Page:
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Abstract

The conflictive targets of achieving security for itself, and assuring basic human rights for irregular migrants, have led to paradox EU migration policies. The increasing perception of (uncontrolled) immigration as a potential security threat has contributed to a migration approach that is driven primarily by principles of defence and deterrence. Focusing on the Mediterranean region, this article points to five paradoxes, in areas where EU immigration policies and actions not only fail to reach their targets but often generate opposite outcomes. This comes at high costs in terms of financial contributions and human losses. in addition, these policies unnecessarily reduce the EU’s negotiating power in other policy fields. The article concludes with recommended changes in EU migration policies and calls for an end to the hitherto security-dominated approach to migration.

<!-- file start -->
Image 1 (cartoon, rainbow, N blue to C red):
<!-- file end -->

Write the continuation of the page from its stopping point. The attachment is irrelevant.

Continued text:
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Correspondence to Jan Claudius Völkel.

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Keywords

  • European Union
  • Migration Policy
  • Stockholm Programme
  • Securitization
  • Frontex
  • Readmission Agreements
  • North Africa
  • Arab Spring